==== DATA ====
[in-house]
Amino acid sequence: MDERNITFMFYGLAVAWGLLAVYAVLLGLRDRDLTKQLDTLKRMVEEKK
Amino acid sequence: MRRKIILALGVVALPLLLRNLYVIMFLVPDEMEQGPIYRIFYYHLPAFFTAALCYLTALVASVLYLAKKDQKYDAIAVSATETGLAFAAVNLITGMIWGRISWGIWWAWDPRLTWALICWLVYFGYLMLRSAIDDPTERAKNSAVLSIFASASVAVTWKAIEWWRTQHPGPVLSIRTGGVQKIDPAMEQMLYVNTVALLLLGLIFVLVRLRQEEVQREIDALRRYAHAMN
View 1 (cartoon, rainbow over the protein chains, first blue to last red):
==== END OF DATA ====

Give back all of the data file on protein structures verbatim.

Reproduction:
[in-house]
Amino acid sequence: MDERNITFMFYGLAVAWGLLAVYAVLLGLRDRDLTKQLDTLKRMVEEKK
Amino acid sequence: MRRKIILALGVVALPLLLRNLYVIMFLVPDEMEQGPIYRIFYYHLPAFFTAALCYLTALVASVLYLAKKDQKYDAIAVSATETGLAFAAVNLITGMIWGRISWGIWWAWDPRLTWALICWLVYFGYLMLRSAIDDPTERAKNSAVLSIFASASVAVTWKAIEWWRTQHPGPVLSIRTGGVQKIDPAMEQMLYVNTVALLLLGLIFVLVRLRQEEVQREIDALRRYAHAMN
View 1 (cartoon, rainbow over the protein chains, first blue to last red):